Two world-class beers from Dogfish Brewing and Cigar City Brewing, respectively – two of the nation’s ultimate top tier breweries…The comparison is inherently unfair and irrelevant. You can’t get to that tier without a LOT of history….which all these “below-average” new breweries simply have not had a chance to achieve...yet.

Here is my response to my friend. I don’t begrudge him his views at all…but I cannot take such a short view of something which people build to last a lifetime…

Brews from Reuben's Brews

Brews from Reuben’s Brews

Fool:   “I keep hearing all this stuff about all these below-average breweries opening and it just baffles me. Where? Where are these sub-standard breweries? They are not here, in my corner of the US. I visited over 200 breweries in 2015 and I found TWO that had absolutely nothing going on. TWO. And that 200 doesn’t count all the breweries that I know are good, which includes Washington, Oregon, Idaho, California, Colorado, Montana, Utah, and Arizona. In my travels back east, I found THREE breweries out of fifty+ that were just bad. The common factor in all those sub-par breweries? They were NEW. This is not the freakin’ NFL. We don’t get to write off new breweries just because they’re not great, right out of the chute. Some operations, like Reuben’s Brews and Holy Mountain in Seattle, come out running because they’re owned by homebrewers who became professional brewers and then opened their own facilities. They had a head start. Not everybody does. I don’t understand this peculiarly American thing of trying something new and, if it doesn’t make us see stars immediately, saying “Oh, this is a ‘below-average’ brewery.” Yeah, maybe NOW…but what about in three months, six months, a year – after they’ve learned their systems and worked the bugs out? I totally wrote off Wingman Brewers, here in Tacoma, three years ago, after my first tasting there. Well, they got GOOD – seriously good. I did what I always do: gave them a second chance.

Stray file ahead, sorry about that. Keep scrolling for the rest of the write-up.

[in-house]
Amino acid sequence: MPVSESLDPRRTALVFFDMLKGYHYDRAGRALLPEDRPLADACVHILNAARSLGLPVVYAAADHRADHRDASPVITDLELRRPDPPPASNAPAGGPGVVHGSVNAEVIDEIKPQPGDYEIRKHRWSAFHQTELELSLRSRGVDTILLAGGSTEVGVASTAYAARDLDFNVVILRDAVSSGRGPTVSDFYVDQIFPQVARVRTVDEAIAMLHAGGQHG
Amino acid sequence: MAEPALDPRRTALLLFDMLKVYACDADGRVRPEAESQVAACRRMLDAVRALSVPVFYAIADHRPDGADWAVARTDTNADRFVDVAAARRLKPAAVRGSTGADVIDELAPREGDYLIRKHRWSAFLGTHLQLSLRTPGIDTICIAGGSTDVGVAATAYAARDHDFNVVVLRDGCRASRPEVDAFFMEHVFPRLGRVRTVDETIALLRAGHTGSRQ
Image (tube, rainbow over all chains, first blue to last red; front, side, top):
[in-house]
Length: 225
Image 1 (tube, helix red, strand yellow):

HolyMtnWere you great at your job from Day One? Why expect a brewery to be? And even when I think a brewery just doesn’t have it, in MOST cases, they find an audience that absolutely does NOT agree with me. There’s a brewery in Seattle that’s run by an overly precocious, pretentious kid whose ideas run waaaay ahead of his skill. I’ve never written a word about the place because I can’t find anything positive to say. But that misguided kid recently had to triple his space and ramp up production significantly because Seattle does not see this my way.